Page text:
Rolling Atrophic Scar Types
Rolling atrophic scars are relatively broad depressions in the skin that have gentle sloping edges in transition to normal skin. This is opposite from the box type of scar which has an abrupt sharp edge. They appear like a “thumb print” in the skin.
The combination of several of these types of scars in a region of skin gives it a rolling appearance, hence the name. They were created when infection resulted in loss of deep dermis and superficial fat. Thus, the rolling scar “sinks” lower than the level of the surrounding skin. Often tight scar tissue forms beneath the scar which is not necessarily observable from the outside.
Rolling atrophic scars are common for in individuals who have had patches of skin that have been afflicted by long term inflammatory acne. They tend to become more pronounced as the skin ages and loses its original elasticity and fullness. A mini facelift often releases and improves such scars. However, a mini facelift is often not an option for many. Subcision with the use of a special needle can create the same release of scar, without the need for a mini facelift.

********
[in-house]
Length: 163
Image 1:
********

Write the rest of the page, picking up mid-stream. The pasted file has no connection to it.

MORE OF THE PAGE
Scar tissue beneath the level of the skin often prevents injectable fillers from “pushing” the skin up to the original flat level. It is as though the skin were “locked” and held from below.
It was infection which caused thinning of the dermis and fat under the skin. Thus, the rolling atrophic scar “sinks” lower than the level of the surrounding skin. Often tight scar tissue forms and locks or binds the depressed skin to deeper tissues.
Unfortunately, there are many such scars that are held down so tightly that injection alone is not able to push up the skin.
results that speak for themselves.
This classic rolling cheek scar was treated with subcision and filling
It’s time to get the skin you want.